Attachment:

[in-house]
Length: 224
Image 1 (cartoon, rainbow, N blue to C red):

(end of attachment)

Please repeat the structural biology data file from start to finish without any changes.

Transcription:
[in-house]
Length: 224
Image 1 (cartoon, rainbow, N blue to C red):